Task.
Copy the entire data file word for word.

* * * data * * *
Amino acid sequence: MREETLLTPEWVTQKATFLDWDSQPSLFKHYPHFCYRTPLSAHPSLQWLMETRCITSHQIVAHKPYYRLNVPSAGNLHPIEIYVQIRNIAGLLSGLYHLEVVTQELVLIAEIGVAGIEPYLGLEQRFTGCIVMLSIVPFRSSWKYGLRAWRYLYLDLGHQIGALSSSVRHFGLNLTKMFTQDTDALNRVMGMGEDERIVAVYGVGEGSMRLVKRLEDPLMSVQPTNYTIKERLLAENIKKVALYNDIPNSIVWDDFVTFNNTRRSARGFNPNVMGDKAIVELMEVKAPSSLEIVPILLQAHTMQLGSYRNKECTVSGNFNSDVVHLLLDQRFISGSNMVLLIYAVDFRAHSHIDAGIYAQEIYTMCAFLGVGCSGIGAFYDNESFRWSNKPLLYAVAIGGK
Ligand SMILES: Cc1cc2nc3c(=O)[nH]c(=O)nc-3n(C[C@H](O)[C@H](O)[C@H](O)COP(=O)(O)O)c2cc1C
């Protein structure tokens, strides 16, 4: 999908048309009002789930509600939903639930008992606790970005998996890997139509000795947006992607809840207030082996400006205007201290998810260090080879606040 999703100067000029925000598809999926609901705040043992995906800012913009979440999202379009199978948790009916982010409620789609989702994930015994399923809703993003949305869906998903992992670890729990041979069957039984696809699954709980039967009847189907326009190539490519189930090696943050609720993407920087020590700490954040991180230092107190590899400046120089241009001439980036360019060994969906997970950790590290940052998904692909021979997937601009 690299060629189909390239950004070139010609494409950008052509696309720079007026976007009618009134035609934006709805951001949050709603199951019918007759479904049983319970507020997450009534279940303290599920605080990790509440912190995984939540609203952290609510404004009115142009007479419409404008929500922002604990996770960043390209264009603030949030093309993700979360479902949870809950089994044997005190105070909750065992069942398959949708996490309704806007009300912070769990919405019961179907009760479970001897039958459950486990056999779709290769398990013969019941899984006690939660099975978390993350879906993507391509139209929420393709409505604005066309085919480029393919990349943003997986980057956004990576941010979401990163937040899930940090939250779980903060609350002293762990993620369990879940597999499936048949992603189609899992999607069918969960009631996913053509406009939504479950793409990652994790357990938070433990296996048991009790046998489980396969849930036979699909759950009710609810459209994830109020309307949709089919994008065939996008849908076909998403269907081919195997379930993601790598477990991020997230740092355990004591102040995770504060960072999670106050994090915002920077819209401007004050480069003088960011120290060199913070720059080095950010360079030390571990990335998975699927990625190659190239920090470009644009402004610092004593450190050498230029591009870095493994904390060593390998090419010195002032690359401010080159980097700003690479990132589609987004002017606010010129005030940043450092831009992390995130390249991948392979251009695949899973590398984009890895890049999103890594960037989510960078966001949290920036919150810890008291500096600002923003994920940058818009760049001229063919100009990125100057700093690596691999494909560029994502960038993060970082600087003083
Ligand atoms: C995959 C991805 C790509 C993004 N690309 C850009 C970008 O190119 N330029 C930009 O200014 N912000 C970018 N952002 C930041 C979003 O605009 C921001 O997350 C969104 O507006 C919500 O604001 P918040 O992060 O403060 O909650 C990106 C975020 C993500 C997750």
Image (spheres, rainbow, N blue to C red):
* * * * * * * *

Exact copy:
Amino acid sequence: MREETLLTPEWVTQKATFLDWDSQPSLFKHYPHFCYRTPLSAHPSLQWLMETRCITSHQIVAHKPYYRLNVPSAGNLHPIEIYVQIRNIAGLLSGLYHLEVVTQELVLIAEIGVAGIEPYLGLEQRFTGCIVMLSIVPFRSSWKYGLRAWRYLYLDLGHQIGALSSSVRHFGLNLTKMFTQDTDALNRVMGMGEDERIVAVYGVGEGSMRLVKRLEDPLMSVQPTNYTIKERLLAENIKKVALYNDIPNSIVWDDFVTFNNTRRSARGFNPNVMGDKAIVELMEVKAPSSLEIVPILLQAHTMQLGSYRNKECTVSGNFNSDVVHLLLDQRFISGSNMVLLIYAVDFRAHSHIDAGIYAQEIYTMCAFLGVGCSGIGAFYDNESFRWSNKPLLYAVAIGGK
Ligand SMILES: Cc1cc2nc3c(=O)[nH]c(=O)nc-3n(C[C@H](O)[C@H](O)[C@H](O)COP(=O)(O)O)c2cc1C
């Protein structure tokens, strides 16, 4: 999908048309009002789930509600939903639930008992606790970005998996890997139509000795947006992607809840207030082996400006205007201290998810260090080879606040 999703100067000029925000598809999926609901705040043992995906800012913009979440999202379009199978948790009916982010409620789609989702994930015994399923809703993003949305869906998903992992670890729990041979069957039984696809699954709980039967009847189907326009190539490519189930090696943050609720993407920087020590700490954040991180230092107190590899400046120089241009001439980036360019060994969906997970950790590290940052998904692909021979997937601009 690299060629189909390239950004070139010609494409950008052509696309720079007026976007009618009134035609934006709805951001949050709603199951019918007759479904049983319970507020997450009534279940303290599920605080990790509440912190995984939540609203952290609510404004009115142009007479419409404008929500922002604990996770960043390209264009603030949030093309993700979360479902949870809950089994044997005190105070909750065992069942398959949708996490309704806007009300912070769990919405019961179907009760479970001897039958459950486990056999779709290769398990013969019941899984006690939660099975978390993350879906993507391509139209929420393709409505604005066309085919480029393919990349943003997986980057956004990576941010979401990163937040899930940090939250779980903060609350002293762990993620369990879940597999499936048949992603189609899992999607069918969960009631996913053509406009939504479950793409990652994790357990938070433990296996048991009790046998489980396969849930036979699909759950009710609810459209994830109020309307949709089919994008065939996008849908076909998403269907081919195997379930993601790598477990991020997230740092355990004591102040995770504060960072999670106050994090915002920077819209401007004050480069003088960011120290060199913070720059080095950010360079030390571990990335998975699927990625190659190239920090470009644009402004610092004593450190050498230029591009870095493994904390060593390998090419010195002032690359401010080159980097700003690479990132589609987004002017606010010129005030940043450092831009992390995130390249991948392979251009695949899973590398984009890895890049999103890594960037989510960078966001949290920036919150810890008291500096600002923003994920940058818009760049001229063919100009990125100057700093690596691999494909560029994502960038993060970082600087003083
Ligand atoms: C995959 C991805 C790509 C993004 N690309 C850009 C970008 O190119 N330029 C930009 O200014 N912000 C970018 N952002 C930041 C979003 O605009 C921001 O997350 C969104 O507006 C919500 O604001 P918040 O992060 O403060 O909650 C990106 C975020 C993500 C997750």
Image (spheres, rainbow, N blue to C red):